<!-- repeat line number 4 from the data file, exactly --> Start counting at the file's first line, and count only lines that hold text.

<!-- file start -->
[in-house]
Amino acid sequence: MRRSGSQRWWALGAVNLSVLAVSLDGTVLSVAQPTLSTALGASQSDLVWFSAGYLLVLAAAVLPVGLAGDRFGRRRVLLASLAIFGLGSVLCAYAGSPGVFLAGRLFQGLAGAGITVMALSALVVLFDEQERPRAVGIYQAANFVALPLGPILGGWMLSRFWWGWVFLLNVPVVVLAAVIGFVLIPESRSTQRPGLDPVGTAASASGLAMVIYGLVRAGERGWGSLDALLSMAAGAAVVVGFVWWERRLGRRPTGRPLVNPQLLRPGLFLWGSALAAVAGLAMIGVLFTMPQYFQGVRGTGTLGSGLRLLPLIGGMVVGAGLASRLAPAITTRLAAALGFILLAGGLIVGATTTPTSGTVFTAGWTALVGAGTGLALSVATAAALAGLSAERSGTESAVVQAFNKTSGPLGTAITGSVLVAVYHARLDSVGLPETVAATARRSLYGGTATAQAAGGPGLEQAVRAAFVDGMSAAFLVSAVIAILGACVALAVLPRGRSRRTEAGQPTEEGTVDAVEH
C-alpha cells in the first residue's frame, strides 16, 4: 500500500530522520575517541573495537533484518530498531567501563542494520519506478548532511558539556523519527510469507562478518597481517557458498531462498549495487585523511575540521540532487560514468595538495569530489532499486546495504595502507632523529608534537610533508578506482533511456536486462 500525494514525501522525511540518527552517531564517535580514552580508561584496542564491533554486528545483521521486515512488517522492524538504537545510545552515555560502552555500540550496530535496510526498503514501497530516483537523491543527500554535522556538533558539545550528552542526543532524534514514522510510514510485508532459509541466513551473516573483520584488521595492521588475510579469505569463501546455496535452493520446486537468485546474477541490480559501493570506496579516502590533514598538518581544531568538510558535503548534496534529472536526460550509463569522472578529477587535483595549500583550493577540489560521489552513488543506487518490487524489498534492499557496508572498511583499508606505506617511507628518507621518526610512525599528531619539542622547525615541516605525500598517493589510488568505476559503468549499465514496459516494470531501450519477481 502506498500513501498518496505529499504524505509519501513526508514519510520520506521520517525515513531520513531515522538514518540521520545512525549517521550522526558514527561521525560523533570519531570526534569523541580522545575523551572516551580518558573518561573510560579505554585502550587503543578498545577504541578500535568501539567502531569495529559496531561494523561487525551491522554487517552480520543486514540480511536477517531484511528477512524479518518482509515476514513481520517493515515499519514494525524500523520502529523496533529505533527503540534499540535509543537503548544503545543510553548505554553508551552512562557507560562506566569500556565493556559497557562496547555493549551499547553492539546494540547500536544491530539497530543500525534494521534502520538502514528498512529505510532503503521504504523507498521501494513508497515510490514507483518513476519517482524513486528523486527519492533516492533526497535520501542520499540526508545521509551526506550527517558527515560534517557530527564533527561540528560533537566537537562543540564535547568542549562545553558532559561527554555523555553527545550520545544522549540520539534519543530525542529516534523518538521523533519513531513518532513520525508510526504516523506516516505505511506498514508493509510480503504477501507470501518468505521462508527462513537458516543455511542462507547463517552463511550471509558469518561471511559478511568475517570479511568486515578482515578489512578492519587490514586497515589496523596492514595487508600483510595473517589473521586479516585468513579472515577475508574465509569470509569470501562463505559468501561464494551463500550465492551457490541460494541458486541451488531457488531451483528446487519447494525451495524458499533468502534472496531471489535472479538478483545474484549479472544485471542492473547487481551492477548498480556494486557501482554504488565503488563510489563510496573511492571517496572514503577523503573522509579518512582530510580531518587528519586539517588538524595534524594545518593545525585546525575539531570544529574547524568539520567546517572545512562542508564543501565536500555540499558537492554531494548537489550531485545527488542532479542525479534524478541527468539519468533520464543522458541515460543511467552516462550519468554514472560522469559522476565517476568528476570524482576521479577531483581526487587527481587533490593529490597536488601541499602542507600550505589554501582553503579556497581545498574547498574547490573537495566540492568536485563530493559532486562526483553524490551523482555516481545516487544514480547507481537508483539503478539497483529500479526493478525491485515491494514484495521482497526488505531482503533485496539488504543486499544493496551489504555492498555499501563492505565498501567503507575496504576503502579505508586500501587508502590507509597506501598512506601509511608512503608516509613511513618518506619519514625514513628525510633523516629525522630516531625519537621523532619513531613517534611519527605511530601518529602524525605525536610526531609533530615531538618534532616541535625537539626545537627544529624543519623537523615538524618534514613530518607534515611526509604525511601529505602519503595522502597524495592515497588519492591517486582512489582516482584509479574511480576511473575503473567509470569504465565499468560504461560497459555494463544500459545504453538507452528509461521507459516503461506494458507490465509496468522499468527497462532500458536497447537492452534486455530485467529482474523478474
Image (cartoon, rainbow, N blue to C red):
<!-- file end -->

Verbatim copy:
Image (cartoon, rainbow, N blue to C red):